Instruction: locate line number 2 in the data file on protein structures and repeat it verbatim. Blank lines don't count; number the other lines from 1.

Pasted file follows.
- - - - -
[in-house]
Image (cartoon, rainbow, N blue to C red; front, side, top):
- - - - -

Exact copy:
Image (cartoon, rainbow, N blue to C red; front, side, top):